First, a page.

More Common Core Facts

Monday, October 28, 2013Printer-friendly version

Last week, the clips included the two fact checks on anti-Common Core claims being made during Florida's Common Core hearings in the state. This edition includes two more often repeated criticisms. Yet again, the critics do not have the facts correct and their claims were shown to be false with a little research.  Thanks to Politifact Florida, the public can separate the truths from the misinformation with the use of their Truth-o-Meter.  

Common Core expects English teachers to spend at least half of their reading instructional time at every grade level on informational texts

By Politifact Florida, the Tampa Bay Times and Miami Herald
 October 15, 2013

"Education Commissioner Pam Stewart listened during the first hearing on Oct. 15 in Tampa as dozens of people spoke. The first speaker was Sandra Stotsky, an education professor at the University of Arkansas and staunch critic of the Common Core.  

"One of Stotsky's complaints was that literature and fiction would be replaced with nonfiction informational texts.  


"Stotsky stated that the Common Core expects English teachers to spend at least half of their reading instructional time at every grade level on informational texts. The Common Core does emphasize informational texts. But it specifically counts reading informational texts in science, math or history classes, and it says that English classes must focus on literature as well as literary nonfiction. Most of the decision-making about what students read in English classes is left to the local and state levels. We find this statement False."  

Teachers were not involved in developing the Common Core State Standards, say Common Core opponents

By Politifact Florida, the Tampa Bay Times and Miami Herald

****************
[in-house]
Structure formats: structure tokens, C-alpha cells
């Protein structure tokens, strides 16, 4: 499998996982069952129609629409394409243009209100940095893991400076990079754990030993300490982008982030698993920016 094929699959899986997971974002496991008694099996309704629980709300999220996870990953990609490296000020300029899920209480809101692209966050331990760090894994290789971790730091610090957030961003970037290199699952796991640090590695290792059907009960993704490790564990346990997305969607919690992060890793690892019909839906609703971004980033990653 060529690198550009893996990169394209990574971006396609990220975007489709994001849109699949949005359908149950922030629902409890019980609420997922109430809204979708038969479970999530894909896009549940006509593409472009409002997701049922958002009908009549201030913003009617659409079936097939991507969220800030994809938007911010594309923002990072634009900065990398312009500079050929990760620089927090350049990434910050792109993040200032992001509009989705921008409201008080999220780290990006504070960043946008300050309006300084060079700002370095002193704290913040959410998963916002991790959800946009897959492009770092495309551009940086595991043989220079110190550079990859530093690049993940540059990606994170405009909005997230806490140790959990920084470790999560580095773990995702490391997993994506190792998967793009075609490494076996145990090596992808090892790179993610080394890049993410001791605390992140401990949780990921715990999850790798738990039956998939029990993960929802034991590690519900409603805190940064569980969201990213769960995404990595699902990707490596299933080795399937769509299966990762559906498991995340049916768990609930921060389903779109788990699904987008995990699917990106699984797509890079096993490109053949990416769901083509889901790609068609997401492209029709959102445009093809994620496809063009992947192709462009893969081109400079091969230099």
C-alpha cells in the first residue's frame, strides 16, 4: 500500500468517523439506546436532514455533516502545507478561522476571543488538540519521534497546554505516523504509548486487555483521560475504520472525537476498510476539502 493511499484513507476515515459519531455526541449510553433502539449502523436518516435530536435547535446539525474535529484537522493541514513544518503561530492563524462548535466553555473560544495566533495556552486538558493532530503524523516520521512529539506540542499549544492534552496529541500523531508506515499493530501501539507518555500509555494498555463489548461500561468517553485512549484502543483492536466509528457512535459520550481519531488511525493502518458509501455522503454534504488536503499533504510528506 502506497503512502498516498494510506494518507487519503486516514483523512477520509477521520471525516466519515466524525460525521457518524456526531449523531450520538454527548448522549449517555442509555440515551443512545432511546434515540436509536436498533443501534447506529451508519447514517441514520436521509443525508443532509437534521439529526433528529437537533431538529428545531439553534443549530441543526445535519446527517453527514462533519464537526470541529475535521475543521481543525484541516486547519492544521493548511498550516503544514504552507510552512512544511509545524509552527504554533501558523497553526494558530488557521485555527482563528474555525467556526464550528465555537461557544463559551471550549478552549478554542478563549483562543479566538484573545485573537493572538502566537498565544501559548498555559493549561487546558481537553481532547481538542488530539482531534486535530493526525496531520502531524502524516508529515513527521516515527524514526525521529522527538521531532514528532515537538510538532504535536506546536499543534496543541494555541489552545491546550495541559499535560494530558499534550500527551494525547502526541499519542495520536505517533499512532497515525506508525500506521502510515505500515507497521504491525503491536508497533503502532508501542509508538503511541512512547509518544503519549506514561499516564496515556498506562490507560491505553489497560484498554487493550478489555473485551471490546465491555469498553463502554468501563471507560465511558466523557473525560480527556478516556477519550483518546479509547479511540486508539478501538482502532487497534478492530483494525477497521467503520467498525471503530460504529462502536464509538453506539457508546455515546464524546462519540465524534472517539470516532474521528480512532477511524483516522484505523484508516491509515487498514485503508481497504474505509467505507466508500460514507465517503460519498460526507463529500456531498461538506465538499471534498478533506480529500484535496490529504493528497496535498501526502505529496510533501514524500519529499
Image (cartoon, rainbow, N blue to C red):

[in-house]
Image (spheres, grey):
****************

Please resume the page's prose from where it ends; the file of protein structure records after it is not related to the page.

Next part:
October 15, 2013

"Karen Effrem, co-founder of the Florida Stop Common Core Coalition, pointed to an article from the libertarian Heartland Institute that detailed how the Common Core writers were not classroom teachers. The initial work groups did not include many K-12 educators, either, according to lists provided.  

"'Although teachers were allowed to submit comments as the standards were developed, there is no indication that these comments were actually reviewed and incorporated into the final product because only a summary was released to the public,' Effrem's group stated in its Common Core analysis.  


"Becky Pittard, a Volusia County elementary math teacher, served on the K-5 math work team of the standards development group. She said she was puzzled by any suggestion that teachers had no voice in the process.  

"'If they say we were not involved, that is not telling the truth,' said Pittard, a 22-year veteran educator who has taken a leave from her classroom to help train Florida teachers for the transition to the new standards.  

"Pittard related how she and other teachers worked closely with the primary writers, corresponding via email and working online to improve and correct the draft proposals.  

""I can tell you the equal sign standard is there because I insisted,' she said, referring to a first-grade guideline on understanding the meaning of the symbol. 'That was my 'you have to have that' standard. There was impact.'  


"Common Core opponents claimed at a public hearing that teachers were not involved in the creation and development of the standards, or that their comments and feedback weren't used. Participants in the effort, as well as documents detailing the process, reveal this not to be the case. We find this statement False."


Achieve has developed materials to help states, districts, and others understand the organization and content of the standards and the content and evidence base used to support the standards. Visit 
 If you find a news clip supportive of the Common Core, please send it to Chad Colby at   

Additional Resources